Darth-6-year-old-Vader happens to forget house rules and wanders down to the basement with a snack, found incidentally by mom while looking for a serving piece down below.. 12 months later.
Three boys.. (more we share as mothers of three boys)
Three boys wanting to throw around a ball. At dinner. In bed. On the toilet.
Three boys who won’t step foot in the mall, thereby rendering me their personal shopper. Same goes for supermarket.
Three boys so obsessed with electronics they find it personally offensive when I set up ground rules against it.
Three boys who always find room in their tummies for food. Three boys who yell out, “Ma, meatballs!” at any given time (in reference, of course, to one of the silliest but funniest movies of all time.. anyone? Wedding Crashers, 2005).
Three boys who nod and agree with everything I say, but then turn around and do the complete opposite.
Three boys who somehow always exit the car as if in a cartoon, spinning the beautifully clean leather upholstery around in a big cloud of twirling smoke, leaving it behind scattered with food particles, mud from their shoes, and various items picked up along the way. Goodie-bag contents make up the top of that list, followed by pencils and gum dating back to 2012 and before.
Three boys who feel the need to wear every favorite pair of shoes until its very last breath. Sneakers have no expiration dates in our home. They will be worn until toes stick out the ends. The other day, my son’s soles had rubbed off to such a degree that his teacher asked if we’d get him a new pair. Our heads hung low in shame.
Three boys who team up with each other to play, and yet manage to somehow always team up against one other, too. Someone is always disgruntled.
Three boys who have so much to say – so much to yell out all at once, in fact, that I’ve often considered selling tickets for our show (my husband lovingly calls us ‘The Corriel Band’ – we form a lovely group made up of various noises/bodily function bellows and would make for a successful comedic addition to any one traveling circus. I mean, would you miss us if we stopped at your town?)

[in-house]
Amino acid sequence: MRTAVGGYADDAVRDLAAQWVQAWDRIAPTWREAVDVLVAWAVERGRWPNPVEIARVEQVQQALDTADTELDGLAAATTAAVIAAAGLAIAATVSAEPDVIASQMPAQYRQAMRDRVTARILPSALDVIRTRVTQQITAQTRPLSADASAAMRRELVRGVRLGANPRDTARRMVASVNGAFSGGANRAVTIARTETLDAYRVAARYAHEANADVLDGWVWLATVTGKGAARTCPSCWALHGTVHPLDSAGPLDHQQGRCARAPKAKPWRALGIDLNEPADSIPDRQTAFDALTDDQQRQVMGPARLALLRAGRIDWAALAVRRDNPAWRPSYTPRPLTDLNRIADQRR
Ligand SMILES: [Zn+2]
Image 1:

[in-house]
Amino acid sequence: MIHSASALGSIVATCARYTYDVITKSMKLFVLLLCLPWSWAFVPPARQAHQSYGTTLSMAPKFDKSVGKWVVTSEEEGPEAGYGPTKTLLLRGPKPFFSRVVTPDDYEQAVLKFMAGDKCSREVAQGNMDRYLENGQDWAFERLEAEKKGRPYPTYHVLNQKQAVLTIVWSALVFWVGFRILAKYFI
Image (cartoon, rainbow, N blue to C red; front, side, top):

Three boys who always, always, always need to compare each other’s loot. Why did he get an extra slice? How does he not have to do homework? Why does he have a playdate? He’s not sharing the air! (For details on that last one, read my story, A Atypical Nature of a Typical Day in My Life).
Three boys who remind me every day that I’m mom. Oh, no, not in that cute, cuddly way. They literally remind me. As in, the word “Mom” gets said once every 10 seconds.
What we don’t get, as mothers of three-boys
What we don’t get are the long talks. The detailed stories of their day at school- not happening.
The hair braiding. The long hours of combing through that hair, head cocked to the side, as twinkles and fairies float around above us.
The shopping excursions. Those 4 hours spent at the mall, mother-daughter, together in money-spending bliss. I tried it one with my son. 10 minutes in, he was asking when we’d leave.
The nail place experience. I will never be ushered into the nail place massage chair alongside my progeny. Never have little pink stars painted on little pinky toes.
Never have hair up in ponytails. Or those cute pink bows on the side. Or glittery clips. Or dressed with florals. Tights. Ballerina tutus.
Now that’s I’ve ranted and roared, mused and confessed, would I change any of it? Trade any of it in?
Not for the world.